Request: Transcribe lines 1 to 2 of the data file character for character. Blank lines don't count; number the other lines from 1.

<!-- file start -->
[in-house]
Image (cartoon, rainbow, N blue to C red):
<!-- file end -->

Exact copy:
[in-house]
Image (cartoon, rainbow, N blue to C red):